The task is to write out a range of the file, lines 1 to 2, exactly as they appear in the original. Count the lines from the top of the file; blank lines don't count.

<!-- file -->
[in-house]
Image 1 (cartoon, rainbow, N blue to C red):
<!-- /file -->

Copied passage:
[in-house]
Image 1 (cartoon, rainbow, N blue to C red):